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Showing posts from August, 2013

Buffalo Bill! Indian Bovine Sells For Record Price, As Beef Exports Surge

A water buffalo in India was sold for a record price of 2.5 million rupees (about $41,200), at least ten times the normal price. The prized animal, named Lakshmi (after the Hindu goddess of wealth, prosperity and beauty), belonged to Kapoor Singh, a farmer in the northern Indian state of Haryana, who sold it to another farmer in the southern state of Andhra Pradesh. Lakshmi is a Murrah buffalo, a breed highly coveted for its high milk yield.

For the price that Singh -- who lives in the village of Singhwa Khas in the Hisar district -- received, he could have purchased a small luxury automobile. He also made a huge profit on Lakshmi, since he initially purchased the buffalo for 250,000 rupees only two years ago. "I didn't want to sell [Lakshmi], but the new owner offered me the price I asked for,” Singh told BBC. “[The other farmer] had come last year and offered me 190,000 rupees, but I refused. He liked the buffalo so much that he made a video film [of] her and …

The Desi Cow-Almost Extinct

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India is the world’s largest producer of milk. But in 10 years, we will be forced to start importing it. And the Indian cow will no longer exist. Jay Mazoomdaar investigates a looming disaster Photo: Vijay Pandey
MILK IN INDIA, is not just a drink, it is an elixir. For almost every Indian — rich or poor — the idea of a daily glass of milk holds a potent and emotional charge. It speaks of parental devotion, well-being and health. This faith in the power of milk is well-grounded: it is the primary nutrient for the young and the old. Nearly 63 percent of animal protein in the Indian diet comes from dairy products. For vegetarians, there is simply no alternative.
The idea of the cow, of course, is also emotively charged because of its mythical place in Hindu iconography, religion and culture: it is quite literally worshipped as goddess Kamdhenu: the cow of plenty. Premchand famously captured its centrality to Indian village life with his memorable tableau of grazing herds retu…

American cows have Indian origins, scientists find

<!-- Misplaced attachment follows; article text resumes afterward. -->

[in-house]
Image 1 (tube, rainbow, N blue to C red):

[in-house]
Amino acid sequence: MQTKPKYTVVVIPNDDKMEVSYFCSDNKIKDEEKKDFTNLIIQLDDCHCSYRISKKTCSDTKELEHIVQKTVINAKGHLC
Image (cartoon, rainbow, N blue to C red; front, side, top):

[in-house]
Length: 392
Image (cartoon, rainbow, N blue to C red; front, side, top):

NEW DELHI: Some famous cow breeds of the Americas, including the iconic Texas Longhorn, have descended from Indian ancestors, a new genetic study reveals.
Indian cows traveled to East Africa, then mixed with local cattle populations up to the North African coast. From there they were picked up and continued to intermingle with Spanish cattle. In 1493, Christopher Columbus took these Indian variants to the Caribbean on his second voyage. Then they spread to Mexico and Texas. The study by scientists of the universities of Texas (Austin) and Missouri (Columbia) was published in the scientific journal Proceedings of the National Academy of Sciences (PNAS) this week.

This bizarre journey of the Indian cow's genes is a reflection of human migration as cows have practically coexisted with human society. Cows were domesticated around 10,000 years ago in two regions - Turkey and India - from a wild species called aurochs which were up to two times larger than current bovin…

Andhra Pradesh farmer buys Haryana murrah buffalo for Rs 25L

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Owner of the buffalo, Kapoor Singh, a farmer invited over 2000 guests from across the state to attend the function at Singhwa Khas village in Hisar district.
CHANDIGARH: A Haryana village is all decked up to give a grand farewell to a buffalo, which was recently sold for Rs 25 lakh to a farmer from Andhra Pradesh.

Owner of the buffalo, Kapoor Singh, a farmer invited over 2000 guests from across the state to attend the function at Singhwa Khas village in Hisar district. The farewell party is expected to cost him around Rs 2 lakh. According to Singh, farmer Rajiv Sarpanch from Andhra Pradesh who bought the buffalo on Tuesday would arrive on Sunday to take the animal home. Sarpanch had spotted her at Muktsar cattle fair in Punjab.

Special silver ornaments worth Rs 25,000 have also been bought to deck up Lakshmi, which was the show-stopper buffalo at the Murrah catwalk in Jind two years ago. Senior government functionaries, including director general of state animal husb…